I believe that I am cursed.
Oh, it isnt an every day curse, mind you. However, it does happen from time to time and it takes place every time I say the incantation that causes lightning strikes and earth tremors before the curse falls from the sky and showers me with its evil.
The magic words that invoke the curse are: I have a craving for something Mediterranean.
With a few exceptions possibly when I am holding a rabbits foot or I was just sprinkled with holy water I find that after saying those words, my experience in getting a decent Mediterranean meal is abysmal. A couple of weeks ago, it was Cyprus Pita Grill.
The other day, it was the Opa! Grill. Now, I freely admit that I should not have had high hopes for great Greek food from a place in a strip mall anchored by a Safeway. Then again, Cyclo Vietnamese in Chandler is in a strip mall anchored by a drug store, so you never know.
I had seen Opa! Grill several times before on my ventures into the remodeled Safeway at 48th Street and Indian School in East Phoenix. It is sandwiched between a dry cleaner and a pizza eatery. It was a very busy day in the lot when I pulled in for lunch and I had a bit of trouble finding a parking place, but I finally get one.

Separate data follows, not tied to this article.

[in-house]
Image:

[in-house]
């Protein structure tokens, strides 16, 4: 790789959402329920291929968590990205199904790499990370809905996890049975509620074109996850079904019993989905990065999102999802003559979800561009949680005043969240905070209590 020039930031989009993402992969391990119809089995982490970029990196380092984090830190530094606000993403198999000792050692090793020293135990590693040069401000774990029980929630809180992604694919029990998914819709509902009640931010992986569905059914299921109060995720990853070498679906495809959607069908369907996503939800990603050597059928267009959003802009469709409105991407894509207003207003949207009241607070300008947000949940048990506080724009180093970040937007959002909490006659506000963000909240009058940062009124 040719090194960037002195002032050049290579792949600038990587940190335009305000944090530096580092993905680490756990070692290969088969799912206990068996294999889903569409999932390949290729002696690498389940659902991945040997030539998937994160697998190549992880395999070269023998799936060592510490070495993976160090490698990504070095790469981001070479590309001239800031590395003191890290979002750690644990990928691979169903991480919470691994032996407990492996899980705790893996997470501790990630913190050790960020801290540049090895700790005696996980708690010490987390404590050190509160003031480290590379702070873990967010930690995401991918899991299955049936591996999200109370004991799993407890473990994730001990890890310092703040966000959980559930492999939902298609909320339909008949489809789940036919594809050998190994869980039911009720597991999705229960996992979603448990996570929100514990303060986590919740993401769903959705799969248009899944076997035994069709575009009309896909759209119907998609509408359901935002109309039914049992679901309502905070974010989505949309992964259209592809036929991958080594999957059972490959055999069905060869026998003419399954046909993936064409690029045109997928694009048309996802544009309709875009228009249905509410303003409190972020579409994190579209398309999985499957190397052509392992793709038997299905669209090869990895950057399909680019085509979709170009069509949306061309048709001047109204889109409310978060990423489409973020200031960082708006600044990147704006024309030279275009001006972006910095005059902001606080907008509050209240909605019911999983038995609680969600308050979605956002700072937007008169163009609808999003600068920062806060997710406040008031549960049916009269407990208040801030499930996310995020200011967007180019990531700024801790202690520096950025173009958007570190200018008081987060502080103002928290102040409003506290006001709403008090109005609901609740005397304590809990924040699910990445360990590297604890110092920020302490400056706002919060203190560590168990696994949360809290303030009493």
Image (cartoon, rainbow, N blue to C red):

I walked into Opa! and noticed that the place was very clean, but also very Spartan. About eight tables are available inside, along with two tables outside. Patrons walk to the back of the space, order at the counter and then take a seat. So, I did just that.
The menu on the marquee overhead at the counter was fairly complex with lots of choices. Most of them were pita subs which was your choice of fillings or they had standard Greek fare like souvlaki. I looked around and most of the other patrons were eating pita subs, so I decided to go with the flow.
I decided to start off with the Hummus ($4.25), which the order taker assured me was top notch and delicious. For the main course, I would try the Gyro Pita Sub with Fries ($5.65). I also ordered a Diet Coke ($1.25). I paid my bill ($12.05 total including tax) and looked for a table. There was only one available, right near the counter. I picked up the community newspaper and read it while waiting for my order.
Only moments passed before my hummus arrived. In a wax paper lined red plastic basket, a Styrofoam bowl of hummus sat next to a round of pita bread that had been quartered. The hummus was served as two scoops and topped with thick slices of tomato and cucumber, and a couple of olives for show. The pita bread was warm and, oddly, had been brushed on each side with vegetable oil. Not olive oil; vegetable oil.
I took a piece of pita bread and picked up some of the hummus with it. I popped it into my mouth and was thoroughly underwhelmed. Despite the report from the order taker, this hummus wasnt even close to being top-notch on any level. The two scoops of hummus had the consistency of cement and were somewhat gritty in texture. There was no real flavor to it. There was also no olive oil drizzled on it.